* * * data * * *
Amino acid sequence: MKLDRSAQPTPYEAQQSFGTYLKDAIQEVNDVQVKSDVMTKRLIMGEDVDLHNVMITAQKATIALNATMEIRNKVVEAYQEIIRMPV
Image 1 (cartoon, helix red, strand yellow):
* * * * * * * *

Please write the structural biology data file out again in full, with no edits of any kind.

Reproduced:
Amino acid sequence: MKLDRSAQPTPYEAQQSFGTYLKDAIQEVNDVQVKSDVMTKRLIMGEDVDLHNVMITAQKATIALNATMEIRNKVVEAYQEIIRMPV
Image 1 (cartoon, helix red, strand yellow):